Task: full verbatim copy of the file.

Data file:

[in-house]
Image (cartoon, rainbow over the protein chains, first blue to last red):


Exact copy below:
[in-house]
Image (cartoon, rainbow over the protein chains, first blue to last red):